A Quaker at the Battle of the Brandywine, 1777


Jacob Ritter and a Vision of Light, 1777 

 The Battle of the Brandywine,September 11, 1777, was fought in the midst of a largely Quaker inhabited region of Pennsylvania, and the major clash between the British and Patriot forces took place around the Birmingham Friends Meetinghouse. While the battlefield site and museum recall the single day of conflict, the presence ofBirminghamand Old Kennett Friends meetinghouses should recall a commitment to peace. While September 11, 1777, was for most a day of battle, for one twenty year old Pennsylvania soldier, it was the beginning of a commitment to peace.  Among the solders defending the crossing at Chadds Ford was Jacob Ritter from Bucks County. Jacob was the child of German immigrants who came to America as indentured servants. He had youthful doubts about war, but his misgivings were overcome by a sermon from his Lutheran pastor on the duty of  “standing in defense of our country against our enemies.”  In 1777, Jacob Ritter took up a musket and joined the American Army.

In September 1777, Ritter’s regiment spent several days erecting batteries in the vicinity of Chadd’s Ford.  On September 11, they were awakened by General Washington himself telling him to be ready as the British army was nearly upon them.   Here follows Jacob Ritter’s description of the battle written fifty years later.

“General orders were given for every company to maintain its ranks, and each man to keep his place. An awful pause preceded the engagement, and some of us stood in solemn silence. I then remembered what I had seen and felt of the mercies of God, and was afresh convinced that it was contrary to the Divine Will for a christian to fight. I was sensible in my own heart that I had done wrong in taking up arms, and the terrors of the Lord fell upon me. I then secretly supplicated the Almighty for preservation, covenanting that if he would be pleased to deliver me from shedding the blood of my fellow-creatures that day, I would never fight again. Then the love of God was shed abroad in my heart, and all fear of man was entirely taken away; and throughout the engagement I remained perfectly calm, though the bombshells and shot feel round me like hail, cutting down my comrades on every side, and tearing off the limbs of the trees like a whirlwind; and the very roots quaked, and the hills that surrounded us seemed to tremble with the roar of cannon.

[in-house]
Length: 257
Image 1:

“It happened that the standing troops were called into action before the militia of which the brigade that I belonged to was partly composed. – Towards evening, (for the battle lasted from sunrise to sunset,) our battalion was ordered to march forward to the charge. Our way was over the dead and dying, and I saw many bodies crushed to pieces beneath the wagons, and we were bespattered with blood. But no orders were given to use our small arms, and thus I was enabled to rejoice, that though I was provided with sixty cartridges, I did not discharge my musket once that day. Forever magnified be the God of my life that I was mercifully delivered from spilling the blood of my fellow-creatures!

“As we had to march directly under the English cannon which kept up a continual fire, the destruction of our men was very great, andWashingtoncalled out to us: “Men, retreat; it is not worth while to sacrifice so many lives.” It was now drawing toward night, and we retreated as well as we could. I took shelter in the woods, and having found a thick grape-vine, crept under it, and worn out with hunger and fatigue, fell sound asleep.

“The next morning I crawled out of my hiding place, and a sense of my forlorn condition covered my mind. I knew I had sinned in entering into the war, and no man in going to execution could have felt more remorse. I went along until I came to a little cottage were dwelt a Dutch woman. I entered at a venture and begged her to give me a little broth, for I had not tasted a mouthful of food for two days. She took pity on me and gave me some, but I had scarcely done eating it, when a party of Hessians came in and took me prisoner. War-worn and weary as I was, they marched me before them, beating me most unmercifully with the butts of their guns, and occasionally placing their bayonets at my  breast; they swore they would kill me on the spot because I was a rebel. In this trial I experienced heavenly Goodness to be near, and again all fear of death was taken away.

“They took me to the Hessian General, Count Donop, who, after much rough language, ordered me to be put under the provost-captain, and with a number of other prisoners of war, I was marched toPhiladelphiaand lodged in prison.”